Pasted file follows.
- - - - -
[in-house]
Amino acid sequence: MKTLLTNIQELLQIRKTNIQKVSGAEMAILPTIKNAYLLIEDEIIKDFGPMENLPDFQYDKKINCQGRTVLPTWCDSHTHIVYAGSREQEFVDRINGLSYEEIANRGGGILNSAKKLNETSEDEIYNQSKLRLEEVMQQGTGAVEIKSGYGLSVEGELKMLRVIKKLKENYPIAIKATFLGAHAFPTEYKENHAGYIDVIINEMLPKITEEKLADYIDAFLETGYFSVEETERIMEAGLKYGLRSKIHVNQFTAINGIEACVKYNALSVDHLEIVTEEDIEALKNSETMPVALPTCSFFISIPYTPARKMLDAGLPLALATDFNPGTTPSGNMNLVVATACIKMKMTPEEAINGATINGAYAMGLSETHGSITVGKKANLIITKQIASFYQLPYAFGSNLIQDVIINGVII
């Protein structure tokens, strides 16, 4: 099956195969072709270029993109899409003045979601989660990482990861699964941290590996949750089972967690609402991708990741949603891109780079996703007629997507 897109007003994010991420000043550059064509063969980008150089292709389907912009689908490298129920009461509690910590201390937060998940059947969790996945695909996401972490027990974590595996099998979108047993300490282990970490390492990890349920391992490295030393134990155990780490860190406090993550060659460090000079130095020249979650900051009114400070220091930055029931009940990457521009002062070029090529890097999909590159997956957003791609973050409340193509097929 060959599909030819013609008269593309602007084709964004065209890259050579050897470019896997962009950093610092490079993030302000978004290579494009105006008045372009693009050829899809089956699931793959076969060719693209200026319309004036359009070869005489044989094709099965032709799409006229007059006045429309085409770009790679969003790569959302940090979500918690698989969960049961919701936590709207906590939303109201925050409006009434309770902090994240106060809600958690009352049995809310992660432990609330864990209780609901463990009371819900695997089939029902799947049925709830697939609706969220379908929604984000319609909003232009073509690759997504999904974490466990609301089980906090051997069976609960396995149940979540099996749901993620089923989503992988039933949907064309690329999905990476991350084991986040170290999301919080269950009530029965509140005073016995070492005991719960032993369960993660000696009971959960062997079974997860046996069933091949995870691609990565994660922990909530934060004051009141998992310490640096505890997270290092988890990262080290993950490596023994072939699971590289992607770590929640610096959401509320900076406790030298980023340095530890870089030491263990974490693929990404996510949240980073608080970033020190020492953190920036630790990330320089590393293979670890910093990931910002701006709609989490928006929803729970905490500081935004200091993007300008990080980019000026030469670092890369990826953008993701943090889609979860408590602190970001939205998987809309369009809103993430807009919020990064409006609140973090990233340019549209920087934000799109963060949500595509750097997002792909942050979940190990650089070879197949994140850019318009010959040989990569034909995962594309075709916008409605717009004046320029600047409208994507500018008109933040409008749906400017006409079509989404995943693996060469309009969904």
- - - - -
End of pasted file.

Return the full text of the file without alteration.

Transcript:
[in-house]
Amino acid sequence: MKTLLTNIQELLQIRKTNIQKVSGAEMAILPTIKNAYLLIEDEIIKDFGPMENLPDFQYDKKINCQGRTVLPTWCDSHTHIVYAGSREQEFVDRINGLSYEEIANRGGGILNSAKKLNETSEDEIYNQSKLRLEEVMQQGTGAVEIKSGYGLSVEGELKMLRVIKKLKENYPIAIKATFLGAHAFPTEYKENHAGYIDVIINEMLPKITEEKLADYIDAFLETGYFSVEETERIMEAGLKYGLRSKIHVNQFTAINGIEACVKYNALSVDHLEIVTEEDIEALKNSETMPVALPTCSFFISIPYTPARKMLDAGLPLALATDFNPGTTPSGNMNLVVATACIKMKMTPEEAINGATINGAYAMGLSETHGSITVGKKANLIITKQIASFYQLPYAFGSNLIQDVIINGVII
């Protein structure tokens, strides 16, 4: 099956195969072709270029993109899409003045979601989660990482990861699964941290590996949750089972967690609402991708990741949603891109780079996703007629997507 897109007003994010991420000043550059064509063969980008150089292709389907912009689908490298129920009461509690910590201390937060998940059947969790996945695909996401972490027990974590595996099998979108047993300490282990970490390492990890349920391992490295030393134990155990780490860190406090993550060659460090000079130095020249979650900051009114400070220091930055029931009940990457521009002062070029090529890097999909590159997956957003791609973050409340193509097929 060959599909030819013609008269593309602007084709964004065209890259050579050897470019896997962009950093610092490079993030302000978004290579494009105006008045372009693009050829899809089956699931793959076969060719693209200026319309004036359009070869005489044989094709099965032709799409006229007059006045429309085409770009790679969003790569959302940090979500918690698989969960049961919701936590709207906590939303109201925050409006009434309770902090994240106060809600958690009352049995809310992660432990609330864990209780609901463990009371819900695997089939029902799947049925709830697939609706969220379908929604984000319609909003232009073509690759997504999904974490466990609301089980906090051997069976609960396995149940979540099996749901993620089923989503992988039933949907064309690329999905990476991350084991986040170290999301919080269950009530029965509140005073016995070492005991719960032993369960993660000696009971959960062997079974997860046996069933091949995870691609990565994660922990909530934060004051009141998992310490640096505890997270290092988890990262080290993950490596023994072939699971590289992607770590929640610096959401509320900076406790030298980023340095530890870089030491263990974490693929990404996510949240980073608080970033020190020492953190920036630790990330320089590393293979670890910093990931910002701006709609989490928006929803729970905490500081935004200091993007300008990080980019000026030469670092890369990826953008993701943090889609979860408590602190970001939205998987809309369009809103993430807009919020990064409006609140973090990233340019549209920087934000799109963060949500595509750097997002792909942050979940190990650089070879197949994140850019318009010959040989990569034909995962594309075709916008409605717009004046320029600047409208994507500018008109933040409008749906400017006409079509989404995943693996060469309009969904």